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Siva Nookala - 12 Apr 2016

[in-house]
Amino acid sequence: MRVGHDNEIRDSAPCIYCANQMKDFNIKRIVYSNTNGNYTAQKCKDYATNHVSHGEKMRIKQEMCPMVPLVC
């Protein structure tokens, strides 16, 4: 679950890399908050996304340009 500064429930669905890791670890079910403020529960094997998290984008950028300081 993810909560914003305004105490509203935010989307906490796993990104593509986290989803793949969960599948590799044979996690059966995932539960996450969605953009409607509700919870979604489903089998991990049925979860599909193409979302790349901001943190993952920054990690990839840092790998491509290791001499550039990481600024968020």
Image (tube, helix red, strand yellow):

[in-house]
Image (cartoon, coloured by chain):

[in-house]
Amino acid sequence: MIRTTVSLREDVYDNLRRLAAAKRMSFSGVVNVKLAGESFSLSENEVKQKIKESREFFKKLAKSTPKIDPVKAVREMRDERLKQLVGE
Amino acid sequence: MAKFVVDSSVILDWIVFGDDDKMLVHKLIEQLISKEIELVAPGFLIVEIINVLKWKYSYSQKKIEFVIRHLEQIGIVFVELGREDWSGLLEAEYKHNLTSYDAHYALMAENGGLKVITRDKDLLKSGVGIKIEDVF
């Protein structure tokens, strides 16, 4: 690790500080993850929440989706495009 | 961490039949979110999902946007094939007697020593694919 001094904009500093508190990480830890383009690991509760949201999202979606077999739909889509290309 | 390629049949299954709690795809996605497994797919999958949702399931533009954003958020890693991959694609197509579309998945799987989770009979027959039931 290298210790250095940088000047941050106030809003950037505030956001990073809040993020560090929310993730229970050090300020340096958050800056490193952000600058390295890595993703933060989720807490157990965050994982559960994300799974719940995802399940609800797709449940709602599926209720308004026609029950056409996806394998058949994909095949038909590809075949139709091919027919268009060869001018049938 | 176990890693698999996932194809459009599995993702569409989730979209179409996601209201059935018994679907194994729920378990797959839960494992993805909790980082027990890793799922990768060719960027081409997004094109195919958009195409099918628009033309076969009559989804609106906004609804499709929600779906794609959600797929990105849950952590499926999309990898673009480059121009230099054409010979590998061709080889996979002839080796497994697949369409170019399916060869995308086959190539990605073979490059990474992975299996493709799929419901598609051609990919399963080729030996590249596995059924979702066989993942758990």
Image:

Java provides two boolean operators boolean AND and boolean OR which are not provided by the other language and these operators are known as Short-Circuit logical operators. These operators gets the result of an logical operator, evaluating the right hand operator only if required. As per the Boolean Logical Table for a logical AND (`&`) operation, if the left hand (first) operand is false, then the result is false irrespective of the right hand (second) operand. When short-circuit AND (`&&`) is used, if the first value is false, second value is not evaluated. Similarly for short-circuit OR (`||`), if the first value is true, then second value is not evaluated. These short-circuit operators will be useful when we want to control the evaluation of right hand operand. `if( denom !=0 && num / denom > 10 )` Here, the right hand expression `num / denom > 10` will be evaluated only when `denom` is not zero, thus preventing divide by zero `ArithmeticException`. Short circuit ANDCODE Try it Online`class ShortCircuitAnd{    public static void main(String arg[])    {        int c = 0, d = 100, e = 50; // LINE A        if( c == 1 && e++ < 100 )        {            d = 150;        }        System.out.println("e = " + e );        }}`OUTPUTe = 50DESCRIPTIONSince `c` is `0`, which is not equal to one, the left hand operand is false and hence right hand operand is not evaluated and hence `e` is not incremented. But if `c` is set to `1`, then left hand operand will be true and hence right hand operand will be evaluated, thus incrementing `e`, hence the output will be `e = 51`THINGS TO TRYChange the value of `c` to `1` in `LINE A` and see that the output will be e = 51 Change the value of `c` to `0` in `LINE A` and use logical AND (`&`) instead of short-circuit AND (`&&`) and see that the output will still be e = 51
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